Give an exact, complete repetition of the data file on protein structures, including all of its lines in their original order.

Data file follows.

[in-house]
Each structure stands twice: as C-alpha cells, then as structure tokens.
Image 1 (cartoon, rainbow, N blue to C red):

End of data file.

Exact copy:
[in-house]
Each structure stands twice: as C-alpha cells, then as structure tokens.
Image 1 (cartoon, rainbow, N blue to C red):